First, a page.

"Backdropped by the Vietnam War and the Manson murders, Cruel Beautiful World is a fast-moving page-turner about the naivete of youth and the malignity of power. Read more...
- [-] Other Available FormatsOur PriceNew & Used MarketplaceCruel Beautiful World (Paperback)
Publisher: Algonquin Books$15.95Cruel Beautiful World (Large Print Hardcover)
Publisher: Thorndike Press$33.99Cruel Beautiful World (Audio Compact Disc - Unabridged)
Publisher: HighBridge Audio$39.99
"Backdropped by the Vietnam War and the Manson murders, Cruel Beautiful World is a fast-moving page-turner about the naivete of youth and the malignity of power. Leavitt exploreswith a keen eye the intersection of love, family, and the anxiety of an era." --Lily King, author of Euphoria
Sixteen-year-old Lucy Gold is about to run away with a much older man to live off the grid in rural Pennsylvania, a rash act that will have vicious repercussions for both her and her older sister, Charlotte. As Lucy's default parent for most of their lives, Charlotte has seen her youth marked by the burden of responsibility, but never more so than when Lucy's dream of a rural paradise turns into a nightmare.
Cruel Beautiful World examines the intricate, infinitesimal distance between seduction and love, loyalty and duty, chaos and control, as it explores what happens when you're responsible for things you cannot make right.
Set against a backdrop of peace, love, and the Manson murders, the novel is a reflection of the era: exuberant, defiant, and precarious all at once. And Caroline Leavitt isat her mesmerizing best in this haunting, nuanced portrait of love, sisters, and the impossible legacy of family.
Publishers Weekly® Reviews
- Reviewed in: Publishers Weekly, page .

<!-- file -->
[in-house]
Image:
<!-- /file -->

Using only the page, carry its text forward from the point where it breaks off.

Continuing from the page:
- Review Date: 2016-10-31
- Reviewer: Staff
In this suspenseful novel by Leavitt (Pictures of You), impulsive 16-year-old Lucy runs away with her high school English teacher, William, "the coolest teacher on the planet." It's 1969, and Lucy is itching to get away from the working-class suburb of Boston where she lives with her high-achieving older sister, Charlotte, and their elderly guardian, Iris. William, cautioning her that they'll both be in danger if they're caught, takes her to live in an isolated house in rural Pennsylvania, from which he goes out to teach at a progressive elementary school, leaving her to do housework, feed the chickens, write in her journal, and secretly take a job at a farm stand run by grieving young widower Patrick. Leavitt alternates among the points of view of Lucy, Charlotte, Iris, and Patrick. The first half of the novel is a model of restrained and matter-of-fact horror: Lucy has no idea how much danger she is in, but the reader does. Chapters from the points of view of Charlotte and Iris, who face more ordinary challenges, provide realistic respite from the drama. The second half of the novel loses momentum. Leavitt's evident determination to keep the plot tidy and tie up loose ends detracts from the initial willingness to confront ambiguity that makes the first half so bold. (Oct.)